Pets, Plants, and Computer Vision
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Praying Mantis Habitat

June 15th, 2012 | Posted by admin in Ann Arbor | cute | domestic life | Fun! | mantis | Michigan | Uncategorized

Today I caught a juvenile praying mantis in the bushes outside the office. There are only two species in Michigan it looks to be the more common Chinese Praying Mantis. I had to stop at the pet store today on my way home to get some supplies for the rats so I picked up a few things to make a mantid habitat. All told I think I spent about $15. I have done a fair bit of insect rearing in the past and it really isn’t all that hard. My first job as an undergrad was to tend a colony of giant Madagascar Hissing Cockroaches at a research lab at the University of Michigan. Keeping a colony of insects running is about as difficult as keeping a couple house plants alive, if not easier. You basically need to provide food, water, and shelter, and sometimes muck with the climate. Since praying mantis live wild in Michigan you don’t really need to make a lot of climate considerations other than not placing the animal’s cage in direct sun light.

 

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Supplies (terrarium, gravel, sponge/cup, leaves/twigs, and crickets)

To create the habitat I got a $10 two-gallon plastic terrarium at the pet store. I also picked up a small bag of gravel for about $2.50 and a dozen small crickets for a buck. To create a ┬áhabitat I rinsed out the terrarium and place some gravel on the bottom. I then added some sticks and fresh twigs I found in the yard. Praying mantises like to hunt while perched in grass and brush so it is important to provide some vertical features in the terrarium. For water I took an old plastic container (like a yogurt cup), cut it down to about an inch high, and then cut a clean sponge to fit the cup. The mantis and its pray can drink up water from the sponge without the water spilling everywhere. Once the cup is filled the sponge should stay wet for at least a few days at a stretch. Praying Mantises will only eat live food, so I picked up a half dozen small crickets, but I fear they may be too large for such a tiny mantis. To supplement that mantis’s diet I am going to add a moldy piece of fruit that has fruit flies to the terrarium. The hope is that the mantis will eat the fruit flies until it reaches a suitable size to capture the crickets. To capture the fruit files I put half an apple out by my dumpster over night. The apple should provide food for the fruit flies and the crickets for at least two weeks.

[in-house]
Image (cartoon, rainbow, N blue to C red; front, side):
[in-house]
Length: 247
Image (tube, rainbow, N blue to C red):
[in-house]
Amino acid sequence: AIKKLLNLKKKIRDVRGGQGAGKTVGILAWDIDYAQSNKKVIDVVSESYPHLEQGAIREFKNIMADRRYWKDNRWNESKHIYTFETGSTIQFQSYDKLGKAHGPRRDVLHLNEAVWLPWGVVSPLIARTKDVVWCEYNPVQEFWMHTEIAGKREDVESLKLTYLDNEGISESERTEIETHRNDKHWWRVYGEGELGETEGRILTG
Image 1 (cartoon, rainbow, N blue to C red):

The finished product

The finished mantis habitat.

 

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